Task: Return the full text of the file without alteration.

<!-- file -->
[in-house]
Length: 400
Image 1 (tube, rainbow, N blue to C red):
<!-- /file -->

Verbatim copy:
[in-house]
Length: 400
Image 1 (tube, rainbow, N blue to C red):